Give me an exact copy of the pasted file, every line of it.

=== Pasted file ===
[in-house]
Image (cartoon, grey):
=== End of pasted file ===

[in-house]
Image (cartoon, grey):